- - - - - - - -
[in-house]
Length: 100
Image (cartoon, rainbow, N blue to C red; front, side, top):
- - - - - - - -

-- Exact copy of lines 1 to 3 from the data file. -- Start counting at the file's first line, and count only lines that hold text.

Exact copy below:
[in-house]
Length: 100
Image (cartoon, rainbow, N blue to C red; front, side, top):